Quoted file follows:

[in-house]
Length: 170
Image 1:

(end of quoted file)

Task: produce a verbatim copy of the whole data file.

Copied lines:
[in-house]
Length: 170
Image 1: